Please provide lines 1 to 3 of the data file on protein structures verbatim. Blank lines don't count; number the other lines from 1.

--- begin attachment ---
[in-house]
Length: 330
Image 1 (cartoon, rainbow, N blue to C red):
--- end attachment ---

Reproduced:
[in-house]
Length: 330
Image 1 (cartoon, rainbow, N blue to C red):